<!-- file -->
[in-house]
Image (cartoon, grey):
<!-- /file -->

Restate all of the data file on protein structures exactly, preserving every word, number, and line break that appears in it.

[in-house]
Image (cartoon, grey):